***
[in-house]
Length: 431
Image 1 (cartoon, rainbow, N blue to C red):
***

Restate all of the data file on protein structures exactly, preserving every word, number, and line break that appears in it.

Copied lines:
[in-house]
Length: 431
Image 1 (cartoon, rainbow, N blue to C red):